8)   World opinion is strongly divided about the current situation in Israel and Gaza, but many people believe Israel’s response is disproportionate to the Oct. 7 attack, primarily because of the number of civilian casualties.

9)   Finally, Hamas continues to refuse to accept the existence of Israel and seeks its annihilation.

What are Christians to make of all this? Our Catholic moral tradition has developed around this issue over the centuries to provide the moral framework we need. While we believe that Jesus Christ is the Prince of Peace and we always pray for peace, that does not necessarily mean that we must be pacifists. St. Augustine developed a very well-reasoned system called the Just War Theory. The Just War Theory states the belief that war, while it is terrible but less so with the right conduct, is not always the worst option. Important responsibilities, undesirable outcomes, or preventable atrocities may justify war. St. Augustine, who lived from 354-430 A.D., was the first clear advocate of the Just War Theory, drawing upon the theories of Cicero and St. Ambrose. St. Augustine’s account was picked up with minor emendations by St. Thomas Aquinas (1225-1274), whose own rendering was normative for Catholic theorists from the Middle Ages.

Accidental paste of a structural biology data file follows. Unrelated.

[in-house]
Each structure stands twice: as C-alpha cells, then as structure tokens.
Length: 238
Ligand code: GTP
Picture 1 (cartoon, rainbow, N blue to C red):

The Catechism of the Catholic Church lays out the conditions for just war in paragraph 2309:

  • the damage inflicted by the aggressor on the nation or community of nations must be lasting, grave, and certain;
  • all other means of putting an end to it must have been shown to be impractical or ineffective;
  • there must be serious prospects of success;
  • the use of arms must not produce evils and disorders graver than the evil to be eliminated. The power of modern means of destruction weighs very heavily in evaluating this condition.

The evaluation of these conditions for moral legitimacy belongs to the prudential judgment of those who have responsibility for the common good.

As the world watches the atrocities of war in horror, this does not mean that the situation is hopeless. As people of faith, we prayerfully entrust this situation to God, that His grace may eventually help enemies to overcome their human hostilities and live in peace. May God give us this grace. Amen.